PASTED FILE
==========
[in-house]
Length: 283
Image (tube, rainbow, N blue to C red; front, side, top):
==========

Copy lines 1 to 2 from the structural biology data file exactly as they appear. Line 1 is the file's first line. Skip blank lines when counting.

[in-house]
Length: 283